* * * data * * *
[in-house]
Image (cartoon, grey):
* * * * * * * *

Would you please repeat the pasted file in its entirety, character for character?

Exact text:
[in-house]
Image (cartoon, grey):